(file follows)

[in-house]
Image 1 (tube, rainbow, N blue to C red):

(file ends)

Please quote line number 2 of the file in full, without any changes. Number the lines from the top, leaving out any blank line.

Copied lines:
Image 1 (tube, rainbow, N blue to C red):